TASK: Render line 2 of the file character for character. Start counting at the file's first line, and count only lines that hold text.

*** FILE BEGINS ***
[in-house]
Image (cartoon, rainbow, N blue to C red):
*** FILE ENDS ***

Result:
Image (cartoon, rainbow, N blue to C red):